Lest we forget 21 March 1960

Sunday, March 21, 2010

Pretoria - Abram Mofokeng and Johannes Sefatsa were only 20 at the time of the Sharpeville Massacre. But the tragic events of 21 March 1960 will always linger as a horrible memory despite the freedom that South Africans now enjoy as a result of that day.

In the early hours of that fateful day thousands of men, women and children, gathered on the streets of Sharpeville to protest against the draconian pass laws imposed on them by the Apartheid system.

Mofokeng had woken up at 5:30 am, his mind heavy with the thought of what the day would bring. But, nothing could have prepared him for what lay ahead for himself, his friends and family as he went about his morning routine.

The melodic notes of freedom songs pierced the autumn air and floated through the streets of Sharpeville. Mothers, fathers, children and the elderly came in their numbers to protest for the right to their freedom of movement.

"We woke up at 5:30 am on March 21. We had planned to meet on the main street in Sharpeville. We organised each other and planned to march to the police station. The march was peaceful until the police came.

"Helicopters were flying all around us, but we kept on marching and kept singing songs like the national anthem. The police came in full force. And then, out of nowhere I heard gunshots, and we all ran in different directions." Mofokeng recalls the palpable confusion and fear that ensued.

By the end of the day, sixty-nine people were killed. Eight were women and 10 children. Of the 180 people who were wounded, 31 were women and 19 were children.

Mofokeng, who had been hiding in a nearby building, said he did not realise that he had been shot until he and a few others came out from hiding.

"I was shot in the foot and the buttocks and a bullet got lodged in my spinal chord," he recalls. "Ambulances were all around us. Those of us that were injured were taken to Chris Hani Baragwanath Hospital. I stayed there for three months."

When he was discharged, he was taken to the Boksburg Cinderella Prison where he remained for another three months. Those arrested with him were taken to court on three occasions and on all occasions never saw the inside of a courtroom.

"While we were inside the police vans, we sang. The police hated it," he says.

"The last day that we were taken to court our van overturned and I woke up in hospital. I was then told that I had received bail and that my sister would pick me up. I drove home with my sister excited at the thought of seeing my family."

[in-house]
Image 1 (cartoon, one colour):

While the environment was tense months after the massacre, Mofokeng was happy to be with his family.

"Everything ended in September but by that time I had lost my job," says the now 70-year-old.

For 69-year-old Sefatsa, March 21 will always be a sombre one for him and his family. His then 28-year-old brother, Samuel, was killed.

"We gathered on Seiso Street, chanting slogans, ready to march peacefully," he said. "The police were waiting for us when we arrived at the police station and we were told that someone would address us. I left the gathering a while later as nobody was there to address us. A few minutes after leaving, I heard shots but I thought it was firecrackers," he recalls.
Sefatsa says he ran towards the police station without thinking that he would be caught in the crossfire. The only person on his mind was his brother.

"I met someone along the way who said they had seen my brother falling to the ground. When I got there I saw that he had been shot in the stomach and the bullet went right through. People tried to console me and told me he was still alive, but I knew he was gone."

Sefatsa says he will never forget that day - Samuel was the breadwinner.

"It was very difficult, hunger really made us angry," he said.

Today, the married father of three says while he may never forget the look on his brother's face, he hopes that the youth of today will look back and appreciate the freedom that they have.

"Apartheid was cruel to us, but I hope that the youth understand that we fought for them, for their freedom."

Mofokeng also hopes that South Africans see the sacrifices that were made 50 years ago. And as we celebrate the 50th anniversary of the victory over apartheid, he hopes that lessons learnt will be passed on to future generations.

"All I can say is that that day led to a happier life for our children. I hope that they respect it."